Electronic Music Foundation's "Sound in the Frying Pan"

Suzanne Thorpe and Philip White created "Balancing Act", a psychoacoustic composition which related the list of the ship to the location of the listener on the cabin deck

Richard Garet's "Inner-Outer" harmonized a video projection of the abstract, crystalline effect of light reflections bouncing on the water's surface with a sound collage of recordings made underwater

with "Underfoot", Melissa Clarke, Ben Owen and Shimpei Takeda recreated the Hudson River bed within the ship's bowels, using projections, sound, reflective materials composed of geographical data, and light

Bart Bridge Woodstrup's "Gathering Lore", set up on the ship's bridge, was a weather station which translated current meteorological conditions into sound

Jessica Feldman's evocative piece, "Sirens", heard throughout the ship, and beyond, reflected the ship's original function, warning sailors, simultaneously playing with the natural seductive quality of sound

It's not often that I get a chance to post my own images from my experience of a musical performance. Even if it might be better described as a musical "installation", my ears and my camera both delighted in "Sound in the Frying Pan", a remarkable project put together this past weekend by the Electronic Music Foundation in and on the "Frying Pan", a historic decommissioned lightship moored in the Hudson River at the end of 26th Street. What you see above are a just a few bits from my collection of visual takes on the five separate site-specific compositions created by the artists or artist-collaboratives who worked on this quite literally "phenomenal" sound project, curated by Suzanne Thorpe.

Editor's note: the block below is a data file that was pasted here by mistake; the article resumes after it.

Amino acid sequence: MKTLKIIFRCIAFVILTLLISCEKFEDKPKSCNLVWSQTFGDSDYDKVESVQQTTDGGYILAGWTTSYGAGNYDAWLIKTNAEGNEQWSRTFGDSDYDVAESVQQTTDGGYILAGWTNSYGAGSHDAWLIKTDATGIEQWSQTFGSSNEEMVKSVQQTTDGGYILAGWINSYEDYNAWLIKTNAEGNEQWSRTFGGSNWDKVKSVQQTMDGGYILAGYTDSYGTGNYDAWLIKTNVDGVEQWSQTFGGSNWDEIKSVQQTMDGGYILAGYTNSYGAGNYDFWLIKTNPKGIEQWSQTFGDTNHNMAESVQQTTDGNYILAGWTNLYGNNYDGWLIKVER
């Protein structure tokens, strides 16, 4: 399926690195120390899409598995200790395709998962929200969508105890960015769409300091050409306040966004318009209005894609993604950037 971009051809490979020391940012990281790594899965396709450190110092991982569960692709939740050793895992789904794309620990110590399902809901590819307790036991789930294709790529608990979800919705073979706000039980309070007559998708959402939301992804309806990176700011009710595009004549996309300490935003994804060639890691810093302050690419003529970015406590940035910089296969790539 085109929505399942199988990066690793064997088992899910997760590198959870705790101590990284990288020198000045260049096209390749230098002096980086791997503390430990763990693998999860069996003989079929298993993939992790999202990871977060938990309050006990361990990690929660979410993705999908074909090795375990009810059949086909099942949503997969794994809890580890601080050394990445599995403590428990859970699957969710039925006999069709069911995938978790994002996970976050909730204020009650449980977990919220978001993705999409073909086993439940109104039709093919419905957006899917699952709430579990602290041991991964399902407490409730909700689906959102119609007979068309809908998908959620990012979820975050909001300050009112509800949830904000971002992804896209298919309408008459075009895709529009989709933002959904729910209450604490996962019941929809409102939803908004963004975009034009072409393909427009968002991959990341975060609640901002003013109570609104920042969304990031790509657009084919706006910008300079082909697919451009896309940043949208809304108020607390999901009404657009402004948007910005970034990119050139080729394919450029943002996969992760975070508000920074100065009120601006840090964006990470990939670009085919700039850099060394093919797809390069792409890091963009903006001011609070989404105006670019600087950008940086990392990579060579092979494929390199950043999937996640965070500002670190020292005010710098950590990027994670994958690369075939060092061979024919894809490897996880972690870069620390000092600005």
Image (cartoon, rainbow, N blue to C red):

This post, because of the images, may seem to be as much about the "Frying Pan" as is about the music, but I've been to the ship before* and yesterday it wasn't only the squeaking of its old metal plates that I heard as it rolled gently alongside the dock, although that sound accompanied the ensemble introduced both above and below its decks; yesterday the old barnacle-encrusted veteran actually sang.

beginning in September 2000, in the halcyon days before Bush 2, with the appearance of Miss Kittin in the program, "BATOFAR: NEW FRENCH ELECTRONICA"

[the images are mine, but the captions are partly borrowed from the press release]